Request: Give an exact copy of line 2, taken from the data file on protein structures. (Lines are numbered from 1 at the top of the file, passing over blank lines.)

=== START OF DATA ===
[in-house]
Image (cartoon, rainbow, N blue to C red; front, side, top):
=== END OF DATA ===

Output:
Image (cartoon, rainbow, N blue to C red; front, side, top):